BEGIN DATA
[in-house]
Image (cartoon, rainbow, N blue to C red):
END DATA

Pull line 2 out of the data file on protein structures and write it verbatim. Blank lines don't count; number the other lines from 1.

Image (cartoon, rainbow, N blue to C red):